• Tel: 0808 808 4000
  • Opening times: Monday to Friday, 9am to 8pm, Saturday, 9.30am to 1pm

And the best of the rest...

  • Civil Legal Advice: Legal advice on a small range of issues, including debt where your home is at risk.
  • Debt Advice Foundation: A debt advice and education charity offering one-to-one advice.
  • Business Debtline: Provides free advice and resources for both business and personal debts.
  • PayPlan: Free debt advice and solutions. It's a private company, but the advice is free.

The WRONG people to go to...

Avoid any debt help or loan consolidation companies that advertise on TV or in some newspapers. Their job is to make money out of you, plain and simple.

While in the short term their plans will make your payments lower, in the long run it'll cost you dear. Avoid them. Don't touch them. Don't go near them.

This post from the MSE Forum explains it better than we ever could:

My wife and I are on a seven-year plan with StepChange Debt Charity, having recently changed from a commercial debt management company after hearing Martin on Radio 2's Jeremy Vine show.

The simple action of swapping to StepChange Debt Charity has shaved over two years off the length of our plan as the money we were paying the management company now goes to our creditors instead!

Of course, that also means a financial saving of nearly eight grand over the term of the original plan's 10-year period.

Should I declare bankruptcy or get an IVA?

There are various types of formal debt solutions in the UK. We've a little bit of information on them here, but we deliberately haven't gone into detail.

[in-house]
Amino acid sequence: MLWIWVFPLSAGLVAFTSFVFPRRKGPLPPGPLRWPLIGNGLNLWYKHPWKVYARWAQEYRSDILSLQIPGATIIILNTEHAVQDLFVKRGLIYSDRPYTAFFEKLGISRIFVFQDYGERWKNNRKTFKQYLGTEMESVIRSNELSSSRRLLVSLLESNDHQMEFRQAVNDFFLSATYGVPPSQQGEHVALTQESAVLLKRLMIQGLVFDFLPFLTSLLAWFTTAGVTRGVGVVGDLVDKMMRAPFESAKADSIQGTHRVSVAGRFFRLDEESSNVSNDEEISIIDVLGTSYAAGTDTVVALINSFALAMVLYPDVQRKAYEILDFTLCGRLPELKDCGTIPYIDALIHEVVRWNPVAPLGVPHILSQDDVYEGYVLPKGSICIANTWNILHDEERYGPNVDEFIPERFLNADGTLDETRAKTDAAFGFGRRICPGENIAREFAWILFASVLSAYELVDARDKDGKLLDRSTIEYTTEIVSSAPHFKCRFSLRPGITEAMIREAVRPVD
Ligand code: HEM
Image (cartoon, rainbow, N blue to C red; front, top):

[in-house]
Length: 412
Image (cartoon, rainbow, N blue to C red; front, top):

That's because you should never even think of going for one of these solutions before getting advice from one of the debt management charities listed above – they should be able to advise which, if any, are suitable – and be able to signpost you to further help to apply.

Formal debt solutions in the UK include:

  • Debt management plans. An agreement where you make regular payments to a licensed debt management company. The company then shares this money out between your creditors. You don't need to go through the courts for this one.

  • Administration orders. A repayment plan arranged by your local county court for debts of less than £5,000. You'll have to make one payment a month to your local court, which is then divided between your creditors – of which there must be at least two.

  • Debt relief order (or minimal assets process in Scotland). These are granted by the Insolvency Service and specifically aimed at people on low incomes with debts of less than £30,000. A debt relief order freezes your debt repayments and interest for 12 months, and if your financial situation hasn't changed at the end of this time, then your debts are written off.

  • Individual voluntary arrangement (or protected trust deed in Scotland). This is a legally binding agreement that usually lasts for five or six years. An individual voluntary arrangement (IVA) has to be paid for, set up and supervised by an Insolvency Practitioner. Any debts remaining at the end of your IVA will be written off, and you get to start with a clean slate.

Already have an IVA? You may be able to pay less if struggling...

In light of the current cost of living crisis, the Insolvency Service has issued new guidance allowing people with an IVA to request to lower their monthly payments. This may make you eligible for other more affordable options, such as a debt relief order (DRO), or even have your IVA ended early. If this applies to you, get in touch with your insolvency practitioner.